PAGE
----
Missing kids = money?

May 25, 2007 by Dave Haynes

Like most people, I tend to get a little squirrelly when I read about media networks that wrap an advertising or screen deployment around missing kids.

There was one a few months ago that was hooking into the Amber Alert system, seemingly as a “how could you refuse?” way to get ad screens installed in c-stores.

Now along comes the Child Watch Network.

Evans Systems, Inc. announces that it has signed a joint venture agreement with Child Watch of North America for a new program, the Child Watch Network (CWN). The companies will be working together to assist in the safe return of missing and exploited children through digital signage systems currently used in restaurants and sports venues.

The Child Watch Network (CWN) will be provided through “Point of Sale” systems in various commercial areas nationwide. Businesses interested in carrying the Child Watch Network include gas stations, restaurants, retail locations and more. Child Watch of North America has sponsors that provide funding and support on a national level, such as Shell Oil, Epson and Continental Airlines. Since 1993, Child Watch has worked with national sponsors like Texaco, Pizza Hut, AT&T, KB Toys, and Toys R Us to help in their many different endeavors. Between 2002 and 2003, Child Watch distributed over one million free Home ID Kits through Shell and Toys R Us locations alone.

The CWN will use a collection of advertising spaces to fund the program. For advertisers, CWN provides the ability to target markets that are difficult to reach for on-the-go consumers. CWN offers an interactive and captive experience since the consumers are viewing missing children for longer periods of time while viewing a wide variety of other different advertising. Unlike traditional advertising mediums, which can be costly and may never reach the target audience, CWN provides the opportunity to affordably advertise within the confines of neighborhood establishments where potential customers enjoy their leisure time. CWN enhances a businesses’ image and reaches hundreds of people who may help in search and rescue type scenarios. The network is expected to go live next month.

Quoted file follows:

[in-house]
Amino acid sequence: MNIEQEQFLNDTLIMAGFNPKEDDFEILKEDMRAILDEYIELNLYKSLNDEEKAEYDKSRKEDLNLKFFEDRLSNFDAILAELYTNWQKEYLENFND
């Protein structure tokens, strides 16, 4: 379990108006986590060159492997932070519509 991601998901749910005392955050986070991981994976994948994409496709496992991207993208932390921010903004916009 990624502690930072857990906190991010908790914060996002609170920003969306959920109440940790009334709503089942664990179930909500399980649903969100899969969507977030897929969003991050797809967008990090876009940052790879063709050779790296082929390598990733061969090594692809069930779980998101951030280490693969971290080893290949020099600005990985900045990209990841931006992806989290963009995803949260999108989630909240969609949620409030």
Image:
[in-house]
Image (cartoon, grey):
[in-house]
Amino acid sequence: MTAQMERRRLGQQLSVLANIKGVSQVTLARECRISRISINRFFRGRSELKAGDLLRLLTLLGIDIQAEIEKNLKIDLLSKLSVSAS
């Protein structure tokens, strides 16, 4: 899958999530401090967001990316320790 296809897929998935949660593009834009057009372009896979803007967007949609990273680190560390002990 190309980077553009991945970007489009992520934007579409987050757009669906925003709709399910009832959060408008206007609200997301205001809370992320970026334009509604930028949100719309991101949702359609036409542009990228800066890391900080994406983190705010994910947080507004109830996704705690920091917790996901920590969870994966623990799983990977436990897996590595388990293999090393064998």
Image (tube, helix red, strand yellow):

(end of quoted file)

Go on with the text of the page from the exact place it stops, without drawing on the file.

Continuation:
The last paragraph is what gets me jumpy. Yes, any distribution of images and information for a missing kids program is, without argument, a good thing. But this is being positioned as an advertising play, and a little research on Evans reveals this is a company that was in the petroleum marketing business and doing very poorly, so much so it had ceased operations, according to recent SEC filings.

There are scores of networks out there with screens in the right sorts of locations that always have unsold ad slots, most of whom would happily run spots for non-profits like ChildWatch. Using a heart-tugging program to resuscitate a dying company through ad sales doesn’t feel right, and with no other business happening for these guys, what else could be going on here?

  1. Indeed; and nor does it seem to me that watching missing children is what people do while enjoying their leisure time. oh and – have these things ever helped – have any missing children been located because of a few hundred screens? Forgive me if I am skeptical.

  2. I think it is ok. Nothing is free and (as you all know) the work involved needs to be compensated for or at least the equiptment has to be bought.

    It seems like this could and maybe should be a grant thing for local goverment. I think it is a good idea.

    If my child was missing I would want to know it wasn’t just on a highway sign but in local neighborhoods where the possiblilty of being found is statistically greater. The truth is no one knows if a child has been located because of a screen being in a local bar or restaurant yet?


    All it could take is just one person glancing up at a screen recogonizing a childs face that could save a life. Just my 02 cents

  3. Michael says:

    ‘@DSforum: indeed, and there will be some subsidy money probably.

    But would it help? If there was a screen in every store, yes, maybe (and there would be false alarms too). But these networks will probably be smallish: maybe a few hundred screens. And how many children have actually been saved by means like pictures on trucks and milk cartons? I suggest that it is very few indeed. People who abduct children do not walk the streets with them. Even if they do, other people do not look at children on the off chance they see the child in the street later. Given all that, then the money is perhaps best spent on other ways to promote safety?

    Finally: leasure time? “Child Watch Network”? If this was an ancillary activity, fine – but a network just for this? Feasible?

    That’s just my 0.02 of course.

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